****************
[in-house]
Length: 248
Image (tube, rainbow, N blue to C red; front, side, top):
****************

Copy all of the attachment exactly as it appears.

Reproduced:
[in-house]
Length: 248
Image (tube, rainbow, N blue to C red; front, side, top):